Monchong (Hawaiian Pomfret)
Common: Sickle Pomfret
Scientific: Taractichthys steindachneri
General Info: Hawaiian Monchong
Monchong, a.k.a. sickle pomfret is a Hawaiian open-ocean fish species that like opah, is only recently becoming appreciated outside of the islands for its high quality and versatility. Monchong refers to two types of pomfret encountered by our fleet: the sickle pomfret and the lustrous pomfret, the former being the more common. When describing the qualities of this fish, we like to think of monchong as an open-ocean snapper. Many chefs actually prefer monchong over the Hawaiian snappers on account of its ability to retain added flavors when cooked. They tend to be on the small side comparatively speaking and typically weigh under 20 pounds. They are very robust and almost always come up full of life and actively fighting the line.
Front of House Info:
Monchong is more commonly known as pomfret and is a sustainable, sometimes under-appreciated gem from the open-ocean waters of Hawaii.
Monchong has a very light, transluscent color that varies from white to pinkish in color and turns white when cooked.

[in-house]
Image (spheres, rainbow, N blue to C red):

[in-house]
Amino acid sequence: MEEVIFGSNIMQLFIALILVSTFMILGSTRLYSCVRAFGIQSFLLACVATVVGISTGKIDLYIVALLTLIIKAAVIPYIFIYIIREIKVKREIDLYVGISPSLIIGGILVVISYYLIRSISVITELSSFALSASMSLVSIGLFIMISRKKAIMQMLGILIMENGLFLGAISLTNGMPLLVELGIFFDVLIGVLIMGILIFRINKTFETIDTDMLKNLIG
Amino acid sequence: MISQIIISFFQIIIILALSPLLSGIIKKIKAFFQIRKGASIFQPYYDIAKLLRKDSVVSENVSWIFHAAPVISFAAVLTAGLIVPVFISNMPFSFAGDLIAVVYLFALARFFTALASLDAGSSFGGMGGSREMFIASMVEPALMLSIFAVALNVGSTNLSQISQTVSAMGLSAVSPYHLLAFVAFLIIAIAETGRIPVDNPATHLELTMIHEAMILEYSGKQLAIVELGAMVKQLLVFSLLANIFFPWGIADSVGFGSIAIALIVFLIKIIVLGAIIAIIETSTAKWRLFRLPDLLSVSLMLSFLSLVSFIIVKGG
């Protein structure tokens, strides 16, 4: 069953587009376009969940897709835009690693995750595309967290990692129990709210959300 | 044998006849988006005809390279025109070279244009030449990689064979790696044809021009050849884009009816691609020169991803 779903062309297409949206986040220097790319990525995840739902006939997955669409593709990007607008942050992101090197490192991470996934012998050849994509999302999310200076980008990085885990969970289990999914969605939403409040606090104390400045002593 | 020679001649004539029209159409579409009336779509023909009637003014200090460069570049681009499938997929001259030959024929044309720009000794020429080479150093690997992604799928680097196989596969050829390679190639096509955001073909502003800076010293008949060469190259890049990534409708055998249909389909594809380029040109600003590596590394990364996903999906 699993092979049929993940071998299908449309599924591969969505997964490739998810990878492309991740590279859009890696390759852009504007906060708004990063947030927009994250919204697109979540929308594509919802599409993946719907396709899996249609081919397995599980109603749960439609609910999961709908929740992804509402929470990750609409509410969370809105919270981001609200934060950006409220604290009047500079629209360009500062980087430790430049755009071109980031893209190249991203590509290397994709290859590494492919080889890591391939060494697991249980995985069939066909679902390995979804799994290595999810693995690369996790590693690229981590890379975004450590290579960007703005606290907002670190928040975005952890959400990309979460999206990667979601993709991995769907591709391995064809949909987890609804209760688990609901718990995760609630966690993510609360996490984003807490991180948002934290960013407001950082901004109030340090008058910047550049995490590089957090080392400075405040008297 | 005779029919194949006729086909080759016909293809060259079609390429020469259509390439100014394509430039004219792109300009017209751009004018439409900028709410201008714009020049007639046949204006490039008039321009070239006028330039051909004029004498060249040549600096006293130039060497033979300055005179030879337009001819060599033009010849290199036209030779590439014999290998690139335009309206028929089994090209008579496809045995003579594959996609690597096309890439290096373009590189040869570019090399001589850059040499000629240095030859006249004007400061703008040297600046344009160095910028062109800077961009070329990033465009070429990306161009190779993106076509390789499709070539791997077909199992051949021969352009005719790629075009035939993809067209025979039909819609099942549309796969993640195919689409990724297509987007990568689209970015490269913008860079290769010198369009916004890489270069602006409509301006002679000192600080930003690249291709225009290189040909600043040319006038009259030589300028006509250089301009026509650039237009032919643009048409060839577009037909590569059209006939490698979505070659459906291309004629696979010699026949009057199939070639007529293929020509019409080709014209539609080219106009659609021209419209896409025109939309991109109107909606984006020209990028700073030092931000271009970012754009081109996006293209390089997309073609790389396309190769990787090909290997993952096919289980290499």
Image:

The meat is quite firm, high in fat and oil content, and has a mild to moderate taste.
Although not as well known as some of the other Hawaiian fish species, monchong is becoming popular in restaurants across the U.S.A. and considered one of the best baking fish out there.
Back of House Info:
Monchong is a phenomenal baking fish, but can be prepared a number of ways including grilled, steamed, and fried.
Monchong has perhaps the best shelf-life of all the open ocean species and when cared for properly, holds freshness extremely well.
Monchong occasionally contain small parasitic worms in the flesh around the belly. These are completely harmless and will usually completely cook out. This is less common in the lustrous pomfret variety. The extent to which this occurs is minimal compared to other parasite-prone fish like cod and needn’t deter you from enjoying/ serving this fish.
Hawaiian monchong is sustainable and no overfishing is occurring in Hawaiian waters. Seafood watch sustainable choice.